Eclipsing the traditional sports memoir, House of Nails, by former world champion, multimillionaire entrepreneur, and imprisoned felon Lenny Dykstra, spins a tragicomic tale of Shakespearean proportions - a relentlessly entertaining American epic that careens between the heights and the abyss. Nicknamed "Nails" for his hustle and grit, Lenny approached the game of baseball - and life - with mythic intensity.
overall it was a really good book. I give it 5 stars. Definitely more than four stars not a great five star book but the story was very good.
A sworn member of the Colombo crime family in New York City, Michael Franzese was considered the biggest moneymaker in the mob since Al Capone. At age 35, he was number 18 on Fortune Magazine's list of the 50 most wealthy and powerful Mafia bosses in America. But then he did the unthinkable. He quit the mob. Franzese met Camille Garcia, who turned his world upside down with her innocent beauty. He fell in love with her, married her, and began a new life that didn't include the Mafia.
Amazing book! I wish it was longer and more in depth regarding the criminal end of things. But all in all it was amazing.
Philosopher, Broadway headliner, fighter, felon - Mike Tyson has defied stereotypes, expectations, and a lot of conventional wisdom during his three decades in the public eye. Bullied as a boy in the toughest, poorest neighborhood in Brooklyn, Tyson grew up to become one of the most thrilling and ferocious boxers of all time - and the youngest heavyweight champion ever. But his brilliance in the ring was often compromised by reckless behavior.
Wow this book is truly astonishing. Mike lays it all out on the line for everyone to see. He had a amazing, hectic, insane life.
From its inception, Atlantic City has always been a town dedicated to the fast buck, and this wide-reachinghistory offers a riveting account of its past 100 year, from the city's heyday as a Prohibition-era mecca of lawlessness to its rebirth as a legitimate casino resort in the modern era.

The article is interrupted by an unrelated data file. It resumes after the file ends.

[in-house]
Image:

it was a good look into the history of Atlantic City. It was a pretty good book. If you are a historian and you like gangster stuff then you would love this book.
Alfonso "Little Al" D'Arco, the former acting boss of the Luchese crime family, was the highest-ranking mobster to ever turn government witness when he flipped in 1991. His decision to flip prompted many others to make the same choice, including John Gotti's top aide, Salvatore "Sammy the Bull" Gravano, and his testimony sent more than fifty mobsters to prison. In Mob Boss, award-winning news reporters Jerry Capeci and Tom Robbins team up for this unparalleled account of D'Arco's life.
it did not seem over-the-top and exaggerated like a lot of Mafia stories. The narrator can get a bit mundane at first and it did start out a bit slow but overall it was a very good read. One of the better Mafia stories. I think the best is Mafia Prince then second is the Sinatra Club and this is third. I personally prefer first-hand Stories versus a mob historian or a reporter writing the story. I would definitely recommend it to anyone who's interested in this genre.